Many blogs have turned into rumor mills, spreading misinformation that people tend to believe just because it’s on the web.

Rumors about hurricane Sandy and gunfights in other countries like Mexico have been picked up by reliable news services, and this misinformation has been shared without the proper vetting of the sources providing the information.

3-Pupils spending too much time on social media sites have lower academic grades

Here is another argument about the pros and cons of social media as it pertains to students. Statistics show that pupils using social media too often tend to have GPA’s of 3.06 compared to GPA’s of 3.82 for pupils who don’t use social media.

An even scarier fact is that students who use social media tend to score 20 % lower on their test scores then their counterparts.


4-Social media sites to blame for lost productivity

Social media platforms like Facebook and Twitter are a direct cause for lost productivity at the workplace. In a survey 36 % of people said that social networking was the biggest waste of time in comparison to activities like fantasy football, shopping, and watching television.

5-Social media is the cause for less face to face communication

One last discussion about the pros and cons of social media is a lack of one on one communication. In a 2012 study families who reported spending less time with one another rose from a level of 8% in 2000 to 32% in 2011.

The study also reported that 32 % of the people in the survey either were texting or were on social media sites instead of communicating with each other during family gatherings.

Source : http://www.toptensocialmedia.com/social-media-social-buzz/10-pros-and-cons-of-social-media/

THERE’S ONE ADJECTIVE Facebook uses over and over to describe the kind of content it hopes to show you. Whether it’s about the stories that come up in your Newsfeed, or ads, or apps, there it is, front-and-center in a press releaseor nestled in an interview quote or headlined on a blog post. The word? “Relevant.”

Remember the irony of that the next time you wake up in the morning, open Facebook, and look at the handful of notifications that have, oh, somewhere between zero and negative one thousand things to do with you.

You’ve probably noticed recently that Facebook seems to have a real problem adhering to an appropriate notification volume, or defaulting to an acceptable definition of what exactly is important enough to warrant you be notified about it. Here’s what happens lately: You see you’ve got a notification and you get excited! Like Pavlov’s dog, Facebook has trained you to expect something interesting, something relevant to you specifically, when you click that little icon. But lately? It’s not an alert that someone has commented on your (admittedly stunning) new profile photo. No, it’s an alert about a post from a literal stranger with whom you’ve shared nothing but the decision to click “Join Group” in 2011. Other times, it’s a reminder that a four-year acquaintance is interested in attending an event “near you” sometime this week. Your excitement quickly becomes disappointment. There is no treat for Pavlov’s dog anymore, only reminders of distant acquaintances birthdays.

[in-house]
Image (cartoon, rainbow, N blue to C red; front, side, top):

Over the last year and a half, Facebook has paid increasing attention to the notifications feature of its platform. It started in 2015 with the (now abandoned) decision to turn the notifications tab into a sort of all-in-one information hub. Around the same time, Facebook released its short-lived Notify app, which was shut down in June of this year, just seven months after it launched. But while the app itself was dissolved, Facebook made a point to mention that it had “learned a lot about how to make notifications as timely and relevant as possible” with Notify, and that it would be incorporating the functionality into other Facebook products. (Facebook did not respond to a request for comment by publication time.)

The result of all this seems to be that instead of getting a few notifications about your friends and family, you are now by default opted in to receiving many notifications from random people who are, at best, tangentially related to you.

If you think this is starting to sound a lot like spam, well, you’re not wrong. The good news is, you can turn these notifications off. The annoying thing is that they aren’t off by default for things like Facebook Groups already. But if you have five or ten minutes, here’s how to fix your notifications in Facebook’s settings.

How To Change Notifications for Facebook Groups

Click on the little downward-facing arrow on the top toolbar of your Facebook page, where you’ll see settings. Click it, and then click notifications in the left column.

On this page, Facebook lets you change the notification settings by device. So choose accordingly, depending on whether you want your notifications changed on mobile, desktop, or both.




Under the “What You Get Notified About” section, you’ll see Group Activity. Click edit.


A pop-up dialogue will appear with all the groups you’re a part of. Change the notification settings to either All Posts, Friends’ Posts, Highlights, or Off.

While most of the options are self explanatory, Highlights is not, and that’s likely the source of your problems, since it is selected by default in many cases. According to Facebook, choosing Highlights will notify you for “suggested posts” and posts by your friends—“suggested” of course being the semantic word-ball that got us into this mess.

Once you’ve chosen your notification preferences, click the X to exit. Your changes should automatically be saved.

And that’s it! Hopefully this will have solved much of your notification woes. Of course, you saw that Groups notifications aren’t the only thing you can change. If you’re annoyed by things like birthday and event reminders, or live video notifications, you can change those there, too.

Happy Interneting!

Source : http://www.wired.com/2016/08/change-spammy-group-notifications-facebook/